College roommates are a fact of life. You get to make potential life long friends, but you also have to learn how to manage and share expenses. The best way to split expenses might seem like a no-brainer. However, your idea of what’s reasonable may be completely different from what your roommates think; keep these tips in mind to help you manage your shared roommate expenses.

Set Rules Ahead of Time

Your bill payments will go by more smoothly if you and your roommates have a plan. You’ll need to decide who pays for what, how much each person pays, and when payments are due. Costs to consider include utilities, cable, Wi-Fi, and groceries.

Rent is the biggest consideration. Typically, rent is split evenly between roommates. This arrangement may not work, however, if one person’s room is significantly smaller than the other rooms. That roommate might not want to pay as much as everyone else. If that’s your situation, you can use an online rent splitter calculator to figure out a fair price.

You may also want to create an overnight guest policy. A common issue for roommates is the new girlfriend or boyfriend who suddenly starts sleeping over all the time. How much is too much? At what point — if any — should that person start contributing to the household bills? These are the sort of rules you should set ahead of time to help prevent arguments later.

Keep Some Costs Separate

When it comes to splitting costs, groceries fall into a gray area. You might all agree that common items, such as milk or bread, should be shared, while other items should be purchased separately. For example, your vegetarian roommate will never eat your box of frozen chicken wings, so it makes more sense to buy it yourself. Likewise, you shouldn’t have to pay for her almond butter that you don’t eat.

You should also avoid splitting the cost of furniture and electronics. That way, when it’s time to move out, you won’t have to decide who gets to keep the PlayStation 4. Talk to your roommates ahead of time about what shared items you need and figure out who should pay for what.

Hold Each Other Accountable

Nobody likes confrontation. However, if your roommate is behind on a payment, you can’t just ignore it. Try to bring it up without attacking them. It’s possible that they just forgot or had something come up. If forgetfulness is a common issue, you may want to use a money app such as Splitwise. It helps you keep track and split expenses. It also lets you send reminders for upcoming bills and notifications for outstanding IOUs.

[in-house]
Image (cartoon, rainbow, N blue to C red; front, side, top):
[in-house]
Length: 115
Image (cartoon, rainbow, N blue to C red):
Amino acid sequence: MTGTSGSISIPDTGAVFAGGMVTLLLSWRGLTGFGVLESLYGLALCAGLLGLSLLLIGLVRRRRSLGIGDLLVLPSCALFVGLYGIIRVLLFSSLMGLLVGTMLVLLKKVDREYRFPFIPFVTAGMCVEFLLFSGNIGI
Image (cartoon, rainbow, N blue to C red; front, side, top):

Does one person have a habit of blasting the A/C, and now the utility bill is sky-high? Or maybe you’re the one who keeps eating all the cereal that everyone else pays for? Nobody is perfect, which is why you’ll need to hold each other accountable to keep your finances on track.

Living with roommates helps keep your living costs low, so long as you do it right. Follow these tips, and make sure you’re splitting the expenses fairly.

When you’re in college, keeping up with your coursework is challenging. This is especially true if you have other commitments like a part-time job, on-campus activities, or caring for a child. To keep your stress levels under control, try following these four tips for staying on top of your assignments.

Start Right Away

It’s easy to procrastinate, especially at the start of the semester when you only have one or two readings to do. It doesn’t seem like a big deal to just leave it for later. However, it doesn’t take long for those two chapter readings to turn into three, then four, then five — you get the idea. Certain assignments could also take more time to complete than you expect. Therefore, it’s important to start them early before they snowball into an unmanageable amount of work.

Create a Timetable

The only thing worse than writing an assignment at the last minute is missing the deadline completely. You definitely don’t want to show up to class and wonder why everyone but you is handing in his or her statistics assignments already. Isn’t that due next week? Nope! It’s your biology paper that’s due next week.

To avoid this horrifying situation, use a calendar or an app to keep track of upcoming tests and assignment due dates. Schedule time for studying, and make sure to account for unexpected events. You never know when you could come down with the flu or have a family emergency. Aim to finish your assignments two days early. That way, you’ll have an extra cushion of time in case you need it.

Use the Library

If you’re the type of person who can study in your room without getting distracted by social media or whatever your roommate is doing, you may not need the library. However, it’s the perfect place for those who prefer peace and quiet. The library comes in handy if your printer breaks down or you can’t find the peer-reviewed article you want online. You might even find some of the textbooks you need. Bonus: Depending on your school, the library may also have a coffee shop.

Join a Study Group

If you prefer to work with others or just need help with a particularly tough class, consider joining (or creating) a study group. Other students may have insights or study methods you didn’t think of, and discussing the class material can help you understand it better. If you happen to miss a lecture, someone in your group can fill you in.

A study group also helps you stay motivated. Do you want to be the only one who hasn’t read chapter five yet? Probably not. Just keep in mind that a study group is only helpful if everyone stays focused. Making new friends is great and everything, but you should join a different group if your study sessions feel more like hangout sessions.

College students are notorious for pulling off all-nighters and dealing with last-minute panic, but that doesn’t have to be you. Follow these study tips, and you’ll have a much easier time staying on top of your assignments.